Students See Opportunity for Equity in Justice Breyer’s Retirement


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Justice Stephen Breyer discusses his then recently released book on modern American law at the Brookings Institute on Jan 21, 2016. While many are sad to see the unique voice he has had on the bench disappear, students are excited about the opportunity for the court’s demographics to become more akin to that of the US as a whole.

On Wednesday, Jan. 26, Associate Supreme Court Justice Stephen Breyer announced his retirement from the nation’s highest court after 27 years on the bench, signaling his plans to step down at the end of the current term in June. This move sets into motion the contentious process of nominating and confirming a replacement, which may prove a difficult task given the Democrats’ narrow control of the Senate.

Breyer had previously resisted calls for over a year from Democratic officials to step down as their chances of maintaining control of the chamber past this November’s midterms appears increasingly uncertain. While some were caught off guard by this announcement, junior Charlie Landis, however, had been expecting this move from the court’s oldest justice for quite some time.

“I wasn’t surprised. Justice Breyer is 83 and it’s pretty clear that Democrats don’t want a repeat of what happened with Ruth Bader Ginsberg,” Landis said.

Due to the wide reaching effects of its rulings, the Supreme Court has received a great deal of attention from students. In recent years, it has decided cases regarding widely debated issues such as voting rights, LGBTQ rights and the ability of schools to limit students’ speech.

Breyer’s retirement won’t alter the ideological composition of the court, as it will remain a 6-3 split in favor of the conservative-leaning justices after his liberal replacement is confirmed. However, his departure during the Biden presidency will ensure that his successor will not likely differ significantly from his liberal-leaning point of view. Some students believe that the potential benefits from Biden’s nomination might extend beyond solely the judicial sphere.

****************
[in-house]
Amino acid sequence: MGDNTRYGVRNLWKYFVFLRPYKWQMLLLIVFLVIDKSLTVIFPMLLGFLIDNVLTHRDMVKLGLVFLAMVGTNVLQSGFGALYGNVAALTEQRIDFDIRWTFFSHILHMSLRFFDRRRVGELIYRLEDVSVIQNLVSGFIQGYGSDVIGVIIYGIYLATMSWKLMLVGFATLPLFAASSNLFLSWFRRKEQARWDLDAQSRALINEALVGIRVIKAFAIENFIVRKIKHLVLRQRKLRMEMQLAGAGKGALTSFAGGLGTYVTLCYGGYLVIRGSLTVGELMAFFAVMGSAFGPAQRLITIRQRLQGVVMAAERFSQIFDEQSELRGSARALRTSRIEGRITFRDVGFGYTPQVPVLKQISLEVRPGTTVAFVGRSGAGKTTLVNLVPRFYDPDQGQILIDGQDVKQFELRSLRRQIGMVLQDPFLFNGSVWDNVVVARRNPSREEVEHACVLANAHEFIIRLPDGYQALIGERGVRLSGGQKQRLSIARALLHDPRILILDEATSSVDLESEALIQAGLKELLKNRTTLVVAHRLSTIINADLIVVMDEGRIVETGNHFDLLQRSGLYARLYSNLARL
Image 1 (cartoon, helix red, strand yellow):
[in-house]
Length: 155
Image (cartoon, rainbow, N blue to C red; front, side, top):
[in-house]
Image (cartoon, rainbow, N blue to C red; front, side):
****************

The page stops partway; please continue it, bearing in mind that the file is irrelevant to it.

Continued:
“My initial reaction was that this was going to help Biden’s approval ratings. While his approval ratings are continuing to decline, a nomination of a new democratic justice could help raise his approval ratings, at least momentarily as it would give Democrats a win among struggles with the pandemic and the economy,” junior Joseph Kim said.

Looking towards the confirmation of Breyer’s successor, Biden’s pledge during the Democratic presidential primaries to nominate a woman of color to the Supreme Court for the first time provides a strong indication of those at the top of his list of potential candidates. Out of many highly qualified potential nominees, the highlights include D.C. Appeals Court Judge Ketanji Brown Jackson, Associate California Supreme Court Justice Leondra Kruger and South Carolinian District Court Judge J. Michelle Childs.

“I think the symbolism of nominating the first black woman to the Supreme Court emphasizes the inclusion and equality that Biden is trying to achieve. He shows that he is trying to bring in different people of different demographics to help make constitutional decisions,” Kim said.

A popular sentiment among the student body is the great importance of bringing wider racial representation to what can become one of the most influential positions in American politics.

“I support a more equal representation of different groups in government… I personally believe that a more diverse representation equals a more diverse mind in the government,” sophomore Christie Chen said.

Many also acknowledge the tremendous impact that such a nominee would have on introducing new perspectives to an institution that is averse to change.

“Honestly for me as a person who wants to go into law and get her own voice heard because I feel like we always are shunned in a way, we don’t get our voice heard as much. We all don’t have the same experiences, we all go through different experiences in our life. And I feel like having a black woman [on the Supreme Court] she will be able to acknowledge that as well,” junior Diane Juica said.

Regardless of who is ultimately chosen, Biden’s decision is almost certain to face significant opposition from Senate Republicans. While Supreme Court confirmations have been a largely non-controversial process for most of American history, votes have increasingly split among partisan lines as the political landscape has become more polarized.

“It’s not that the Supreme Court is becoming political, it’s that politics are getting more intense which means that Democrats are going to take more measures to make sure their justices make it to the Supreme Court,” Landis said.

The Biden administration hopes to announce their nominee by the end of the month, with hearings taking place this spring before the eventual confirmation vote in June.